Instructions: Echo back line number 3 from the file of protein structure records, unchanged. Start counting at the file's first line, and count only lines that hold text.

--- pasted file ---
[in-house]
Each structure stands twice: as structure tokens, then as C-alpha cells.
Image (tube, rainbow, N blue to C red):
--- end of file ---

Image (tube, rainbow, N blue to C red):